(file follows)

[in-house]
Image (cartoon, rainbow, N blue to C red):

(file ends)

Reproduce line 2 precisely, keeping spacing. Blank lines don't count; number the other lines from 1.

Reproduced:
Image (cartoon, rainbow, N blue to C red):